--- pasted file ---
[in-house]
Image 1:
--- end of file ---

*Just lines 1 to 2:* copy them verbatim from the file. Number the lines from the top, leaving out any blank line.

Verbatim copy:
[in-house]
Image 1: